For that perfect dining experience


Wait staff do not get feedback on their work

A restaurant is an amalgamation of hosts, food and ambience. Hosts are people like you and me. They put in hard hours of work to make that important date perfect or your birthday party fun. Like all humans, they are not perfect. A little feedback from guests can help them improve. A thank you note or good tip could light up their day and make their hardwork more rewarding. Google restaurants aims to improve the guest host relationship.

Duration - One week design sprint


What are our users trying to accomplish?

User Interviews

Interviewed 2 hosts and a manager to understand their relationship with guests. These interviews gave insights about their goals and motivation. 

Matt, host at Yats
"I try to keep everyone happy, the guests, my co-workers and my manager."

Elisha, host at Stacked Pickle
"My motivation for this job is myself. I have goals to achieve. I work hard for my tip." 

Christian, manager at City Barbeque
"I look for hosts who have a personality, are friendly and helpful." 

What I learnt from research?

Hosts are eager to improve their service and tips.
How might we create a way for guests to quickly give constructive feedback so that hosts can improve their service?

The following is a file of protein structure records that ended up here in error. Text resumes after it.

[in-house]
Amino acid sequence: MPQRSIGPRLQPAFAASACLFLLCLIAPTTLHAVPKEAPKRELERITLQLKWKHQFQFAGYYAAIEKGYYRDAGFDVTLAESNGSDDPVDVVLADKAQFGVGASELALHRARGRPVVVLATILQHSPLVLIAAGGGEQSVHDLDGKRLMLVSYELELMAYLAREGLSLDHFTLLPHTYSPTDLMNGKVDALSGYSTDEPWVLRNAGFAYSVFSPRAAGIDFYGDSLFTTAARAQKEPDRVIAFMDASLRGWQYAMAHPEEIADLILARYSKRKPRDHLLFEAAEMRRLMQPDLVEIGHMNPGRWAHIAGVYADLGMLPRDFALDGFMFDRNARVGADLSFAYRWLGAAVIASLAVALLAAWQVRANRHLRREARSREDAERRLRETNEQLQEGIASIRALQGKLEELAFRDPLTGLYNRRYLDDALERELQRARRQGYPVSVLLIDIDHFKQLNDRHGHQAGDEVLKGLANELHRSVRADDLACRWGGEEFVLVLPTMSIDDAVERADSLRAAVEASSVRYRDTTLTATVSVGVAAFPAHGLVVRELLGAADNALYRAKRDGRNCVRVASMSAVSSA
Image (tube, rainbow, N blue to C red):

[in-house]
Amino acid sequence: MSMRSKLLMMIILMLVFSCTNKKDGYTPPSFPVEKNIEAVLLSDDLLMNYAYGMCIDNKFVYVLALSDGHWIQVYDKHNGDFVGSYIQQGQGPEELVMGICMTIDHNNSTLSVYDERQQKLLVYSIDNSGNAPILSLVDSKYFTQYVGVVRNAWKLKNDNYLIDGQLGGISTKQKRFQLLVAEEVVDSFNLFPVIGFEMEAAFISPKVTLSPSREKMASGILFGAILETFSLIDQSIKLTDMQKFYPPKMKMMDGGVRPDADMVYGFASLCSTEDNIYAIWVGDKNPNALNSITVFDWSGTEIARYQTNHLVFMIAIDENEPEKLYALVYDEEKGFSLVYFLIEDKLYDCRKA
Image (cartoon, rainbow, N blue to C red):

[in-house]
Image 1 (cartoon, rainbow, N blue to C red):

There is no way to show their good work in a previous workplace to future employers.
How might we help hosts record and present their work to potential employers so that decisions are not entirely based on references?

Managers find it difficult to assess the performance of current staff. 
How might we help the manager understand the strengths and weakness of the staff to provide appropriate training?

Introducing Google Restaurants

A service tailored for finding the perfect restaurant experience. It taps into the existing google reviews for search while providing a platform for wait staff insights. Review in 5 simple taps.

How it works?


Guest review

The NFC tag is deep linked to the "Review Activity" in android. Using the instant apps architecture, the review screen pops up on the guest phone. The guest does not need to have the app installed on the phone. 

Insights for wait staff

The data collected from the reviews will be used to craft a story for hosts about their performance. It begins with a summary of their overall performance.

Recent performance

At a quick glance, the card tells hosts if their service is improving or declining. If the hosts improved significantly recently, we prompt them user to share their story to encourage other hosts like them.

Motivate the user

If the host is falling behind on a skill, we use social comparison and goal setting to motivate them for improvement. 

Thank the guest

Once hosts reach their goal, we prompt them to send a thank you note to all the guests who gave feedback. This is way of acknowledging the effort of the guests and showing them value.

Insights for the manager

The data from the reviews also helps the manager assess the overall performance of the staff and identify weak points in their service. The manager can plan training strategies to strengthen these weak points. In the below example, the manager has to focus on improving the friendliness of the staff.

Design process

Once I have my research insights, I start off by brainstorming ideas and drawing out quick sketches of them. One of the methods I use is dividing the page into 9 blocks and coming up with 1 idea per block in 5 minutes.